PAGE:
And you write about the patois that was spoken in Canton, as the language of trade. Yes, the pidgin was a very curious thing because the grammatical structure was like Cantonese, but the words were English. But you know a very strange aspect of this is that it penetrated even America. When the Native Americans met the settlers, they also evolved a kind of pidgin and much of this pidgin was actually borrowed from the trading pidgin of China.
There is a wide-ranging diversity of culture, language and religion that characterizes the South Asian subcontinent, and yet in Canton, all who originate from this region are referred to as "Achhas." What does this reveal about the construction of racial identity during this period of history? That's an interesting question, and it's something that intrigued me as well. You know, why was it that all of these people were just lumped together when they were so different? I guess it's a set of perceptions. There was this set of perceptions about who is who and who is what, and everybody was trying to understand and classify the others.
Because foreign women are barred from the city of Canton, most of the primary characters in your novel are men. What is the relationship between masculinity and the ideals of freedom and enterprise that are espoused by the foreign traders? That's an interesting issue. I think that particular way of looking at the world in terms of free trade and making war for free trade, it was very much a masculinist kind of vision. But you know the really peculiar thing about it is that the late 18th, early 19th century is when you actually have the invention of the whole idea of the masculine with the kind of hyper-masculinity and the separation of the masculine and the feminine in this very radical way that happened in the Victorian world. So these things are really very intriguing and very interesting to me.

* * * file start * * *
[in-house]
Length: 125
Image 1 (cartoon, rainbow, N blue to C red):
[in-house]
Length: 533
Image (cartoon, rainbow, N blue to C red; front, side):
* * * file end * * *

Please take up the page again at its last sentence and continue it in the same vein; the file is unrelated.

There is a contrasting story line in "River of Smoke" in which the plants of China and the West are valued for their healing properties and their beauty rather than their capacity to intoxicate. Why did you choose to include this story alongside that of the opium traders? Well, the natural world interests me very much, and botany interests me very much and for the character Paulette, the botanical aspect of her life is very much a thread in the book that preceded "River of Smoke," "Sea of Poppies." I'm just fascinated by the way in which, in the 19th century, this intricate network of exchange between the East and the West came into being. You know, if you look out today on most American gardens, so many of the plants are from China and that's no accident. I mean, it was in this period in Canton that these exchanges took place.
There is a great deal of contemporary resonance in the events of your novel, particularly in regard to globalized markets and the doctrine of free trade. Did you choose to write about this historical period because of these parallels, or were they revealed to you through the process of writing? The second definitely. It was the process of writing that brought me to a realization of this. But you're absolutely right, there is a sort of mirroring and I think it's true that the Opium Wars are very important. I think history will one day look back and see it as the beginning of a certain period, when wars were made in the name of free trade and liberalization. And today when people talk about the doctrine of free trade, they do it as though it were this thing without any history, as though it had nothing preceding it. And yet, this doctrine comes to us soaked in blood and soaked in criminality. I mean, it was responsible for millions of deaths in China. I just don't understand how one can forget that or just put it aside.
It's interesting how little the rhetoric has changed, because I believe some of the scenes in your book, some of the debates and exchanges between the foreign traders on the nature of free trade are taken from actual conversations. Yes, absolutely. In many of the scenes I quote exactly what they said.
Do you see points of comparison between the 19th century opium trade and the contemporary international drug trade? You know, I'm often asked that and obviously, it's not similar in that in the 19th century, it was the dominant power that was using the drug trade. But it's also true that these weren't then as dominant of powers as they are now and they did use opium quite self-consciously to undermine China, to undermine Chinese institutions, to undermine Chinese society. But it's a different thing now.